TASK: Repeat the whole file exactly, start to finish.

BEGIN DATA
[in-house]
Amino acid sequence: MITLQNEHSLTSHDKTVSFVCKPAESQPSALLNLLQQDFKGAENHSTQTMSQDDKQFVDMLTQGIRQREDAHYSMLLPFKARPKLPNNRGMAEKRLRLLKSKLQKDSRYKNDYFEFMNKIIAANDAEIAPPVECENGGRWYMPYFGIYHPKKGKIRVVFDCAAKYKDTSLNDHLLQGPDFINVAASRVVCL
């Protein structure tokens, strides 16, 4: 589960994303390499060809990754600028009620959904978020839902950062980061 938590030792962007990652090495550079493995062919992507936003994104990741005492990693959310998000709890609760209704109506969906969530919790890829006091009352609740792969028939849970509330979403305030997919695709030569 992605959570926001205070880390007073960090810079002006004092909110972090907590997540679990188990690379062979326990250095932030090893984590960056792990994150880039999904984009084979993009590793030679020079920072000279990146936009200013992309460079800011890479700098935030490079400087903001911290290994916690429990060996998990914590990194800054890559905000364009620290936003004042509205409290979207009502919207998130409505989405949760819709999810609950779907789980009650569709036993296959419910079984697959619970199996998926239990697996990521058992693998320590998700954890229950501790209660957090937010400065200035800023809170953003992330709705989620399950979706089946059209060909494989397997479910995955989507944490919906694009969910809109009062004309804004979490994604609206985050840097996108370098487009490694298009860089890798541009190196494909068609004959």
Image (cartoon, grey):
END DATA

[in-house]
Amino acid sequence: MITLQNEHSLTSHDKTVSFVCKPAESQPSALLNLLQQDFKGAENHSTQTMSQDDKQFVDMLTQGIRQREDAHYSMLLPFKARPKLPNNRGMAEKRLRLLKSKLQKDSRYKNDYFEFMNKIIAANDAEIAPPVECENGGRWYMPYFGIYHPKKGKIRVVFDCAAKYKDTSLNDHLLQGPDFINVAASRVVCL
């Protein structure tokens, strides 16, 4: 589960994303390499060809990754600028009620959904978020839902950062980061 938590030792962007990652090495550079493995062919992507936003994104990741005492990693959310998000709890609760209704109506969906969530919790890829006091009352609740792969028939849970509330979403305030997919695709030569 992605959570926001205070880390007073960090810079002006004092909110972090907590997540679990188990690379062979326990250095932030090893984590960056792990994150880039999904984009084979993009590793030679020079920072000279990146936009200013992309460079800011890479700098935030490079400087903001911290290994916690429990060996998990914590990194800054890559905000364009620290936003004042509205409290979207009502919207998130409505989405949760819709999810609950779907789980009650569709036993296959419910079984697959619970199996998926239990697996990521058992693998320590998700954890229950501790209660957090937010400065200035800023809170953003992330709705989620399950979706089946059209060909494989397997479910995955989507944490919906694009969910809109009062004309804004979490994604609206985050840097996108370098487009490694298009860089890798541009190196494909068609004959």
Image (cartoon, grey):